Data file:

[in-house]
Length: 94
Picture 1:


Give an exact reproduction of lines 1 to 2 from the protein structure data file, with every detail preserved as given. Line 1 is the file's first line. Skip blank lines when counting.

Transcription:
[in-house]
Length: 94